The Aisle Seat - Movie Reviews by Mike McGranaghan
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THE AISLE SEAT - by Mike McGranaghan


Poop Talk

As the popular children's book says, everybody poops. Most people don't like to talk about their bathroom habits openly, and when they do, it's often to joke about it. That's where the hilarious documentary Poop Talk comes in. The subject of bowel movements as fodder for comedy is explored in all the scatological detail you could want, and more.

Hosted by comic siblings Randy and Jason Sklar, the movie presents a cavalcade of professional comedians talking about poop, why it makes some folks uncomfortable, and how/why they joke about it in their acts. Modern Family's Eric Stonestreet discusses his refusal to poop in public, Rob Corddry reveals the abilities of his high-tech toilet, and Kumail Nanjiani explains how, as a child, he believed he could avoid pooping by only eating small portions of food. Dr. Drew Pinksky is also on hand to explain the psychology behind discomfort in talking about the topic. Others making appearances are Paul Scheer, Adam Carolla, Pete Holmes, Nikki Glaser, and Aisha Tyler.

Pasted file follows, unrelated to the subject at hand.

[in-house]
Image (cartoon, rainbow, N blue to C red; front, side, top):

It has been said that everyone has an embarrassing “poop story.” Several of the documentary's participants bravely reveal theirs. That includes Nicole Schreiber, whose poop story is an all-time Hall-of-Famer. Seriously, whatever yours is, hers is probably worse. You'll laugh and cringe simultaneously. It's the movie's highlight.

Poop Talk is, as you might expect, riotously funny. After all, it has about two dozen comedians weighing in on a subject that can only be comfortably broached with humor. There are more laughs in this film's 72-minute running time than in most comedies that run two hours. All of the interviewees seem to relish the opportunity to share their experiences and observations, which ensures that it doesn't run out of gas (no pun intended).

This is more than merely a lark, though. Through the stories, musings, and jokes, Poop Talk gets at the commonality of defecation. It is an act that draws every single person walking this earth together. No matter who you are, no matter where you're from, no matter your race, religion, or political affiliation, you're going to poop. Simple as that. The movie emphasizes how bizarre it is that something so gross is also the common thread.

Needless to say, there's limited depth to be mined from the topic. Smartly, Poop Talk's brisk length is just right. Some viewers may turn their noses up at a poop documentary. If, on the other hand, you can see the humor in making a Number 2, don't miss this uproarious tribute to toilet action.

( out of four)

Poop Talk is unrated, but contains adult language and more potty humor than you can shake a stick at. The running time is 1 hour and 15 minutes.

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